I first saw this sweet and touching portrait of Queen Elizabeth with her corgis by Helena Mackevych during the Platinum Jubilee. Her style reminded me of the Ahlbergs (of The Jolly Postman fame).
I soon learned about her brand, Nice Things by Helena. Turns out Helena started out in children’s book illustration but has since expanded her business to producing timeless creations for all ages.
Though greeting cards are the mainstay of her collection, her delightful images adorn tote bags, aprons, tea towels, puzzles, and calendars. Of course she also sells prints.
I especially love her aprons! The special appeal of her pictures can be attributed to what she calls “the tiny details of life.” Click here to see a short video showing how Helena makes her cards.
**Bonus Cool Thing: You may remember my mentioning in the last Roundup that the 1000+ Paddington Bears left at royal residences in tribute to Queen Elizabeth were to be donated to Queen Consort Camilla’s children’s charity. Since then, some of the bears were presented to Barnardo’s Nursery at a special tea party attended by special guests Karen Jankel (Michael Bond’s daughter), as well as Hugh Bonneville and Madeleine Harris (from the Paddington movies). They had marmalade sandwiches, of course.
Before being transported to the nursery by special limousine, the Paddingtons enjoyed hanging out at Buckingham Palace, sliding down bannisters and checking out the library. Our 70-something resident Paddingtons wanted you to see for yourself in this video. Do you think Paddington will be invited to the King’s Coronation in May? 🙂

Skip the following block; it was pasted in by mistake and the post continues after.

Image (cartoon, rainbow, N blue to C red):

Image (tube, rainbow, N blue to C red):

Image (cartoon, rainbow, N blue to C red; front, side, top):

There’s nothing like an aching love song to make you swoon, and Timothy B. Schmit kills it with his lead vocal on “I Can’t Tell You Why.”
Look at us baby, up all night
Tearing our love apart.
Aren’t we the same two people
Who lived for years in the dark?
I like a lot of Eagles songs, but this sublime tune is often underrated, standing in the shadows of iconic hits such as “The Best of My Love, “Take It Easy,” “Desperado,” “New Kid in Town,” and “Lyin’ Eyes,” which all feature either Don Henley or Glenn Frey on lead vocals.
Schmit joined the Eagles in 1977 as bassist and vocalist, replacing original band member Randy Meisner. Schmit co-wrote “I Can’t Tell You Why” with Henley and Frey, and it was included on the Eagles 1979 album, The Long Run. It was Schmit’s debut as lead vocalist with the band.
Schmit came up with the title and had composed the nucleus of the song before presenting the idea to Henley and Frey, who sang counterpoint on the recording.
Here is a wonderful live performance with Don Felder playing those amazing guitar riffs. Schmit’s near falsetto masterfully conveys the emotional heartbreak in a song which he admits was loosely based on personal experience. A beautifully arranged classic!
🎁 HAPPY TUESDAY 🎁
FROLIC IN FESTIVITIES
BAKE AND EAT COOKIES
WATCH OUT FOR MISTLETOE
JINGLE THOSE BELLS
SING THOSE CAROLS
THINK RED AND GREEN
🌲 HO HO HO! 🌲